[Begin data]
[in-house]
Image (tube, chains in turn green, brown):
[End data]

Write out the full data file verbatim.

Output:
[in-house]
Image (tube, chains in turn green, brown):